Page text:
beauty icon, joni mitchell

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Photo: Jack Robinson / Condé Nast Archive

joni mitchell

It’s been 40 years since those three days of love and mud known as Woodstock, and it remains ironic that the anthem most associated with the epochal music festival was penned by someone who wasn’t there. Holed up in a hotel room in New York City, Joni Mitchell watched the concert on TV and wrote her song “Woodstock”—including the famous line, “We are stardust, we are golden”—in tears.

Her wry, melancholy musical ways have been hugely influential, of course—Prince name-checked her on the back of an album; Annie Lennox gushed, “I pretty much doubt that I would have gone on to become a singer-songwriter if I hadn’t encountered Joni Mitchell”—but genius lyrics and a gorgeous voice are only part of her charm. With looks one half California beach babe, the other half Norse goddess, Mitchell allegedly counted Graham Nash, Leonard Cohen, James Taylor, and Sam Shepard among her conquests—why should male rock stars have all the fun? The summer of love was four decades ago, but Mitchell will always be the era’s reigning bohemian beauty queen.

—Alison Baenen

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Photo: Jack Robinson / Hulton Archive / Getty Images

Barefaced and barefoot, Joni Mitchell poses for Vogue in 1968 with her favorite accessory.

Photo: Matt Campbell / AFP / Getty Images

Mitchell, in Issey Miyake, takes in a standing ovation at the All-Star Tribute to Joni Mitchell at New York City’s Hammerstein Ballroom in 2000. The concert had Joni fans from Elton John to old flame James Taylor on hand to show the love. Even Hillary Clinton showed up (via a taped tribute); her daughter is named after “Chelsea Morning,” after all.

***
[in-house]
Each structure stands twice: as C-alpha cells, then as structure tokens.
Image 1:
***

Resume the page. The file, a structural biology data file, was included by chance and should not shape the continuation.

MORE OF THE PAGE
Photo: Robert Altman / Michael Ochs Archives / Getty Images

Mitchell bundles up at the Big Sur Folk Festival in 1969, one month after Woodstock.

Photo: Robert Knight Archive / Redferns

Hello, flower child! Mitchell piles on the blooms at a concert in 1974.

Photo: Henry Diltz / Corbis

“California, I’m coming home”: Mitchell gazes out the window of her Laurel Canyon home, circa 1970.

Photo: Baron Wolman / Courtesy of Rolling Stone

Mitchell graces the cover of Rolling Stone three months before missing Woodstock and writing the anthem that defined it.


The cover of Mitchell’s second album, Clouds, is a self-portrait of the artist in her hometown of Saskatoon, Saskatchewan, holding her province’s emblematic fire red prairie lily. Clouds took home the Grammy for best folk album of 1969.


Blue, Mitchell’s fourth album, was released in 1971, and in 2006 it was named by Time magazine as one of its “All-Time 100” albums.